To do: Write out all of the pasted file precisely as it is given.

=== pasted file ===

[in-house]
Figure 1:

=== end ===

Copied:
[in-house]
Figure 1: